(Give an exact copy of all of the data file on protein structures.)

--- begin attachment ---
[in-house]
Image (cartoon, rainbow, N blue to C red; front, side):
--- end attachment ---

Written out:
[in-house]
Image (cartoon, rainbow, N blue to C red; front, side):